Protecting Germans I: The Problem

Recently the German government, along with the governments of several other countries, recommended (link in German) moving away from IE to “an alternative browser”, due to some well-publicized IE security flaws. Blog of Metrics has shown us the effect this recommendation has had on downloads of the German localized version of Firefox – 300,000 extra copies in one weekend.

Unfortunately, we strongly suspect not all Germans will be getting the real deal. Germany is a place where Mozilla has a particular problem with trademark infringement of various types. The most typical of these are:

  • infringing domain name registrations (e.g. typo domains such as “”, “”)
  • misleading online content (people pretending to be the official Mozilla download site)
  • offers of modified versions of Mozilla‚Äôs software, e.g. with a changed toolbar, or containing malware
  • “subscription traps” – where something which seems free actually ends up costing you

I’ve written about subscription traps in the past. These are fraudulent websites which lead users to believe that they are obtaining a typical free download of Firefox or Thunderbird. Only the small print mentions that by registering for the download, the user undertakes a contractual obligation to pay up to £95 (€105; US$150) per year.

This sucks.

Over the next few days I’m going to be blogging about what Mozilla is actively doing to use our trademarks to protect Germans, and residents of other countries as well, from being ripped off in this way.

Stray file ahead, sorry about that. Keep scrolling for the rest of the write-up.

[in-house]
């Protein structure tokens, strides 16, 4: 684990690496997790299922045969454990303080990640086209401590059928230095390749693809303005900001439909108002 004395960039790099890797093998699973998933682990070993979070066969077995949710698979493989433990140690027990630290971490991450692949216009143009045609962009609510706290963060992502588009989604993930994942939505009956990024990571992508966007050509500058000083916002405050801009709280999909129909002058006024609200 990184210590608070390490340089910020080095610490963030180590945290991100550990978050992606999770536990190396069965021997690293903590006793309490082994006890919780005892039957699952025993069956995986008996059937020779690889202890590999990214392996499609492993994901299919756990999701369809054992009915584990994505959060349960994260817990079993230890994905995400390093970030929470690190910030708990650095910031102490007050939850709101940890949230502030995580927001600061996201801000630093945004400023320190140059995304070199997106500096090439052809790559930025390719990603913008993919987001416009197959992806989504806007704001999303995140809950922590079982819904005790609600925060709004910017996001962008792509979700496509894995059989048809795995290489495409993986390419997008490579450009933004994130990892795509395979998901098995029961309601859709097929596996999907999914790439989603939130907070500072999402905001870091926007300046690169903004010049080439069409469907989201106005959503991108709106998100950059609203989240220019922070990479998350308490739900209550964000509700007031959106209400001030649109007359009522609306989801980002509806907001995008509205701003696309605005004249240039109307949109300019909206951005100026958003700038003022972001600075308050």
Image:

My thanks to Anthonia Zimmermann of Lovells for her help in preparing this series of blog posts.

4 thoughts on “Protecting Germans I: The Problem

  1. It’s really unfortunate that there is so litte feedback from Mozilla Legal. I have personally reported so many sites through this web form:
    but if that has ever worked, I can’t remember. There is a bug since 2008 ( for , imagine that. It should be so easy to get that domain back in Germany, but it’s still only offering Firefox+Yahoo-Toolbar (if you use Windows). At least it’s not malware (or I hope it’s not).

    It is so incredibly frustrating to read email from users who have been tricked into downloading something they didn’t want. As my mail address is on all of our websites I get to read at least some of the complaints, but of course a huge portion of our users never find their way to our website and I can’t help them or at least refer them to to the right institutions.

    I’m eager to learn what Mozilla is doing in that regard.

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